Who’s Responsible for Keeping Healthcare Costs Down?

A recent HealthDay/Harris Poll found that most “Americans now support aggressive regulation to keep health care costs in check — including price caps on drugs, medical devices and payments to doctors and hospitals”.

Christopher P. Molineaux, president and CEO of Pennsylvania Bio, in an opinion piece for Penn Live says that the healthcare insurance system may be a driving force behind costly hospitalizations, emergency room visits and expensive medical procedures, which, coupled with restricted access to treatments, can lead to adherence issues, which leads to reliance on acute care.

“It’s a vicious cycle,” says Mr. Molineaux, who also points out that, since 2000, more than 500 new treatments and cures have been brought to market, that over 7,000 medicines are being developed globally.

According to Mr. Molineaux:

 “Unfortunately, the public discourse on prescription drug costs has not reflected these advancements as the debate between the producers of innovation and the payer community has found new energy and new voices.”

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Mr. Molineaux says that it takes approximately $2.6 billion to gain one new prescription drug approval and that the development and approval process can take more than 10 years.

 Yet medicines are not the key driver of overall healthcare spending, he argues, given that retail spending on prescription drugs has remained steady since 1960 and is projected to remain at 10 percent of overall healthcare costs.

Mr. Molineaux notes that the U.S. will spend three times as much on hospital care, or $13.5 trillion, over the next ten years.

Total Health Expenditure

According to Mr. Molineaux:

“Unfortunately, health insurers have been touting ‘utilization management procedures’ to help ‘manage’ drug costs.

 “They also tout teams of ‘clinical professionals’ that conduct reviews of specialty drugs usage, making sure that patients get the “right medication, in the right amount, at the right time.

 “Isn’t that the prescribing physician’s job?”

Mr. Molineaux points to cost-sharing mechanisms as a way to distort the cost of prescription drugs:

“Specifically, privately insured patients pay more than 20 percent of their total prescription drug spending on out-of-pocket costs, compared to just 5 percent for hospital care.”

The insurance system’s cost-sharing structure reinforces acute care, which, coupled with restricted access to treatments which can leads to adherence issues, which, in turn, leads to reliance on acute care.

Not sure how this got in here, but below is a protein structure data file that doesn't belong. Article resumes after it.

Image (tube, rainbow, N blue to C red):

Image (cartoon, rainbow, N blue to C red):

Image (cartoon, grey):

“Obviously, the current model is not sustainable,” says Mr. Molineaux.

A report by Express Scripts saying that non-adherence is America’s most expensive health care problem, and that the United States wastes more than $300 billion each year treating unnecessary medical complications:

“Health insurance companies need to do their part, as well. Coverage and cost-sharing policies should keep pace with innovative treatment advances and recognize the long-term value of adherence to medicines.

“Ultimately, the patients we all serve deserve nothing less.”

Cost-sharing policies should keep pace with innovative treatment advances. Click To Tweet

However, Humphrey Taylor, chairman emeritus of The Harris Poll believes that responsibility is shared:

“While many people have seen, heard or read recent reports about large drug prices, and most people think drug companies are to blame for the high cost of care, they also believe that there is a lot of blame to be shared. The system as a whole, the way providers are paid, doctors, hospitals, and the Affordable Care Act are all seen to be partly responsible.”

At Physician-Patient Alliance for Health & Safety, we have written about the cost implications and return on investment of patient safety interventions, so we wanted to share with you the op-ed, which looks at healthcare costs from a different perspective.

Do you agree with Mr. Molineaux or Mr. Taylor? What do you think would be the patient safety implications of a different healthcare insurance system? Leave your thoughts in the comments below.

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